This week’s Friday Favorite is the reason that I write reviews in the first place: “After Life,” a film by Koreeda Hirokazu. As a note, the original Japanese title was ワンダフルライフ, “Wonderful Life.”
The premise of the film: a group of people walk into something like an abandoned schoolhouse somewhere in Japan. A counselor greets each of them to explain: you are dead. This is the afterlife. And there is no heaven or hell. There is, instead, a film crew.
This is a makeshift movie studio. You have a week to pick your favorite memory from your entire lifetime (and if you need your memory jogged, you can watch your entire life on tape, one for each year). Once you decide, we will do our very best to portray that moment on film. You will then spend the rest of eternity watching that film, forever and ever …
The dead are ordinary people running a gamut of ages and life experiences: a teenager, a call girl, a salaryman, a grandmother. Some know what they want to remember. Some change their minds after self-reflection. Some lost their memories in life. Some feel they have nothing worth remembering. (What happens if you don’t or can’t choose? That’s answered in the film, too.) And as the crew shepherds their charges through the week with more or less art therapy, old memories awaken–and collide.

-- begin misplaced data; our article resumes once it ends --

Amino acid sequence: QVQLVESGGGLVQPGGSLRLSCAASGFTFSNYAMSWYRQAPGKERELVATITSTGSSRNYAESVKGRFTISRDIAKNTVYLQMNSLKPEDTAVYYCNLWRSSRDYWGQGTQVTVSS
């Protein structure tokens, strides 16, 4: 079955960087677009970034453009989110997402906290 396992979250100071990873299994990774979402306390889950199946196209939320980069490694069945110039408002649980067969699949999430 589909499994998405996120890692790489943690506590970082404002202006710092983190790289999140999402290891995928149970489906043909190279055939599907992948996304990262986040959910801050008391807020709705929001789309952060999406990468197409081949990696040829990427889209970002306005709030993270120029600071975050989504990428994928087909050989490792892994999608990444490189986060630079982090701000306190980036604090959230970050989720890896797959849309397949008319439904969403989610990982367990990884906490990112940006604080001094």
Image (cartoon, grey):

This is a beautiful and quiet and devastating but above all, life-affirming movie, even though it is about the dead. It’s about love, how we touch people without knowing it, how we live our lives, how memories change as we change, and how in the end, yes, all we have are memories … but that’s not nothing. That’s everything.
This movie changed my life, and I don’t remember who told me about it.
I didn’t used to be the kind of person who seeks out reviews. So I don’t even know how I stumbled on someone’s blurb describing the premise of the movie. I can’t even guarantee that it was a recommendation. I just remember a one-line précis that made me think “huh, that could be actually interesting” and then I ordered it from Netflix, and it broke my heart wide open.
If I am ever able to write something that touches someone else, it will have been in part because someone took the time to jot down a few words about this movie that barely grossed anything at the box office.
So here I am, jotting down my own little reviews in a similar hope that I will help someone. Probably not as much as the anonymous reviewer helped me–but a bit, I hope.
But back to the point, because this is a recommendation post: this is an amazing movie and I hope you will give it a chance.
If my review hasn’t convinced you, maybe that of the late, great Roger Ebert will.
(And I hope that he is there now, in that schoolhouse, watching everyone’s memories on film, forever and ever.)